Trump adviser says Cruz could lose Senate race

An adviser to President TrumpDonald John TrumpTrump nominates ambassador to Turkey Trump heads to Mar-a-Lago after signing bill to avert shutdown CNN, MSNBC to air ad turned down by Fox over Nazi imagery MORE reportedly told GOP donors on Saturday that it was a possibility that Sen. Ted CruzRafael (Ted) Edward CruzPoll shows competitive matchup if O’Rourke ran for Senate again Democrats veer left as Trump cements hold on Republicans O’Rourke heading to Wisconsin amid 2020 speculation MORE (R-Texas) could lose his Senate race to Democratic challenger Rep. Beto O'RourkeRobert (Beto) Francis O'RourkePoll: Sanders, Biden seen as most popular second choices in Dem primary O'Rourke says he'd 'absolutely' take down border wall near El Paso if he could NBC, CNN to host first two Democratic presidential primary debates MORE (Texas), citing likability.

White House budget chief Mick MulvaneyJohn (Mick) Michael MulvaneyTrump declares national emergency at border Puerto Rico governor threatens legal action over national emergency declaration: 'See you in court' Trump to sign border deal, declare national emergency MORE told Republicans at a closed-door meeting that it was a "possibility" that Cruz could lose his Senate race while Republicans such as Florida Gov. Rick Scott could win, The New York Times reports.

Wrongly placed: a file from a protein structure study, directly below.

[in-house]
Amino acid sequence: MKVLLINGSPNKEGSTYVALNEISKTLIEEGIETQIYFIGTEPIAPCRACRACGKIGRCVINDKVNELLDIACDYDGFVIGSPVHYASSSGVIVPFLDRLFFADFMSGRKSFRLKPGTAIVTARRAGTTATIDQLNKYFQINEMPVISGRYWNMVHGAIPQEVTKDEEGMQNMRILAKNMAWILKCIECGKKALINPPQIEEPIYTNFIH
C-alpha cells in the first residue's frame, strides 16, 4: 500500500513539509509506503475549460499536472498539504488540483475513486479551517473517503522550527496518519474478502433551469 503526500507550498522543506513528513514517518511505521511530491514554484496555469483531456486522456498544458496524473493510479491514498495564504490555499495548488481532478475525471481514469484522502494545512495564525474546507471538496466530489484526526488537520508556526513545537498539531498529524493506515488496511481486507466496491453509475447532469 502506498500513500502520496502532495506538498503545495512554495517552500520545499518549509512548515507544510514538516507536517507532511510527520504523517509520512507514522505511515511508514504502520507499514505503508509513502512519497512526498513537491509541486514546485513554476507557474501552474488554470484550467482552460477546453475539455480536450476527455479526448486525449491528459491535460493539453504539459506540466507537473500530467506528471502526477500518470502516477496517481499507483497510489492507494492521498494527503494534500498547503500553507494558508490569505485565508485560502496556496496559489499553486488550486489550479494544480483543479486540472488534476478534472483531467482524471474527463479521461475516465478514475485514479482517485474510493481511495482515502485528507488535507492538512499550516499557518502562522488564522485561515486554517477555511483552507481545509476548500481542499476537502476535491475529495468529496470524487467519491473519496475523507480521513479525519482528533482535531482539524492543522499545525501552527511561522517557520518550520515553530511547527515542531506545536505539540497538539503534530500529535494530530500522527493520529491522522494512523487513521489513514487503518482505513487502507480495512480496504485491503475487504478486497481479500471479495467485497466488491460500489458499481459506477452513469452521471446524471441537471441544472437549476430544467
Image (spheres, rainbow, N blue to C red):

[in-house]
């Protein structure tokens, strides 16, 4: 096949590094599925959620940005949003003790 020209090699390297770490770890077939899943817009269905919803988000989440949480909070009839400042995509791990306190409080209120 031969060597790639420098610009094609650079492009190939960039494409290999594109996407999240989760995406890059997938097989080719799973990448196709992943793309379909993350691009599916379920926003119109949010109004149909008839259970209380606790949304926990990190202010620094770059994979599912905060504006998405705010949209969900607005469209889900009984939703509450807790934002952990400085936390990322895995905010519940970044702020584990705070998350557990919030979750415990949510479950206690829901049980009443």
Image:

“There’s a very real possibility we will win a race for Senate in Florida and lose a race in Texas for Senate, OK?” Mulvaney said, according to audio obtained by the Times.

“I don’t think it’s likely, but it’s a possibility. How likable is a candidate? That still counts.”


Mulvaney reportedly made the comments during an event alongside Republican National Committee Chairwoman Ronna Romney McDaniel.

However, Mulvaney attempted to assuage fears of widespread Democratic victories in the November midterm elections, insisting that no "blue wave" was coming to elect Democrats to office.

Democrats are hoping for a net gain of at least 23 seats to take back a majority in the House, while Republicans are defending their slim 51-49 seat majority in the Senate.

“They want you to think there’s a blue wave when there’s not,” Mulvaney said Saturday, while acknowledging that House Republicans face a challenging map with a number of GOP-held seats considered toss-ups.

“I don’t know how many seats we’ve got this year, but there’s got to be, how many?” Mulvaney said. “Twenty? Thirty? Forty?”

His remarks are some of the most candid on Cruz's race from the White House, which threw its support behind Cruz's reelection bid last month amid polls showing a tightening race.

Cruz, a one-term Republican senator who first took office in 2013, currently leads his opponent by single digits, according to several recent polls.

Spokespeople for Mulvaney and McDaniel did not immediately respond to the Times's request for comment.